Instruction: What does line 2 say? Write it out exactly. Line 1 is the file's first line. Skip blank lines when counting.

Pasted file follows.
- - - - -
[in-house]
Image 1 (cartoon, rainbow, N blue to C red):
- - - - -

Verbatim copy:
Image 1 (cartoon, rainbow, N blue to C red):